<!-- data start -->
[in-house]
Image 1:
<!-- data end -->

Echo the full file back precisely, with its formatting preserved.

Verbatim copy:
[in-house]
Image 1: